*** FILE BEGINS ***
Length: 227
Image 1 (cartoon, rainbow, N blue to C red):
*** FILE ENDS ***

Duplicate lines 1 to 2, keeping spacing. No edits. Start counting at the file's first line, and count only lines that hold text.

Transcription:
Length: 227
Image 1 (cartoon, rainbow, N blue to C red):